School of Mathematics School of Mathematics
Course 414 - Complex Analysis 2007-08 (Optional JS & SS Mathematics, SS Two-subject Moderatorship )
Lecturer: Dr. Dmitri Zaitsev
Requirements/prerequisites: 221, 214

Duration: 18 weeks.

Number of lectures per week: 3

Assessment: Regular assignments.

End-of-year Examination: One 3-hour examination


  1. Elementary functions of one complex variable: polynomials, exponential, logarithmic and trigonometric functions, their inverses. Real and complex differentiability. Holomorphic functions. Conformal mappings.

  2. Piecewise smooth and rectifiable paths and curves. Complex integration along curves. Antiderivatives. Cauchy's theorem: Goursat's version for a triangle, for star-shaped regions and their unions, homotopy version. Elements of homology and homological version of Cauchy's theorem.

  3. Cauchy's integral formula. Power series expansion of holomoprhic functions. Mean value property. Maximum modulus principle. Radius of convergence of power series. Cauchy-Hadamar formula. Differentiation of power series. Theorem of Morera. Cauchy's estimates. Liouville's theorem. Compact convergence and Weierstrass theorem.

  4. Order of zeroes. The identity principle. Laurent series expansion in a ring. Isolated singularities. Removable singularities, poles, essential singularities. Riemann extension theorem. Meromorphic functions. Casorati-Weierstrass theorem.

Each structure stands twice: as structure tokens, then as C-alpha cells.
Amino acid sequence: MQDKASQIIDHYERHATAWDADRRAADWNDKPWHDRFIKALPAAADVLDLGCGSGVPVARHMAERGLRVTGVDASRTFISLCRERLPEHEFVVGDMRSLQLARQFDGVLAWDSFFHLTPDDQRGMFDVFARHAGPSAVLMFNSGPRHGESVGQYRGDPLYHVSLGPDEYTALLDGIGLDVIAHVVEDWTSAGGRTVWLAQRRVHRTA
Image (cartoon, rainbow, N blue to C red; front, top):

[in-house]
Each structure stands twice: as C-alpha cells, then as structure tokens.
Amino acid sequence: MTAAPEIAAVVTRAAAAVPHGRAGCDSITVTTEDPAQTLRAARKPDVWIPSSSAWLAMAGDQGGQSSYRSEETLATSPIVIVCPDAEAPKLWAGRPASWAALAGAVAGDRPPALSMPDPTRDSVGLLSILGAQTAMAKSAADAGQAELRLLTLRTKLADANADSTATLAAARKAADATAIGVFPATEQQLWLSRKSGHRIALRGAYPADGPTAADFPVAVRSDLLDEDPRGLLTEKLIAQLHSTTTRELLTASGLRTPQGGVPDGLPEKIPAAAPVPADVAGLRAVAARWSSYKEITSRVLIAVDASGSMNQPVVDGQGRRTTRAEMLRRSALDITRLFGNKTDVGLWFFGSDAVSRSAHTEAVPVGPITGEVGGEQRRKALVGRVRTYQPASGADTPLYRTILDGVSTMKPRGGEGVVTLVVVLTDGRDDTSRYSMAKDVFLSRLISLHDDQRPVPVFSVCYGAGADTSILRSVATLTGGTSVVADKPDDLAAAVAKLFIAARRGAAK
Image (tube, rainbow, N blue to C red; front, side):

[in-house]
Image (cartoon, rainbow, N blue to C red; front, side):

5. Residues, their caculation. Residue theorem: for unions of star-shaped regions and the winding number version. Applications to calculation of integrals.

  6. The argument principle. Rouché's theorem. Open mapping theorem. The univalence theorem (local injectivity criterion). Inverse function theorem. Branched covering structure theorem.

  7. Spaces of holomorphic functions. Seminorms. Montel's theorem. Biholomphic maps between open sets. The Riemann mapping theorem.

  8. Schwarz Lemma. Automorphisms of the disk. Homogeneity of the disk. Cayley transform. Automorphisms of the upper half-plane. Möbius transformations. Riemann sphere. Holomorphic and meromorphic functions on the Riemann sphere. Automorphisms of the Riemann sphere.

Objectives: This course will build on material covered in 214. Initially it will cover some familiar material in greater detail and then continue on to cover basic material in complex analysis.


[1] L. V. Ahlfors, Complex Analysis, Third Edition, McGraw-Hill, New York, 1978.
[2] J. B. Conway, Functions of One Complex Variable, Second Edition, Graduate Texts in Mathematics 11, Springer-Verlag, New York, 1978.
[3] R. Remmert, Theory of Complex Functions, Graduate Texts in Mathematics 122, Springer-Verlag, New York, 1991.
[4] R. V. Churchill, J. W. Brown, Complex Variables and Applications, Fourth edition. McGraw-Hill Book Co., New York, 1984.
[5] B. P. Palka, An Introduction to Complex Function Theory, Undergraduate Texts in Mathematics. Springer-Verlag, New York, 1991.

Oct 8, 2007

File translated from TEX by TTH, version 2.70.
On 8 Oct 2007, 19:07.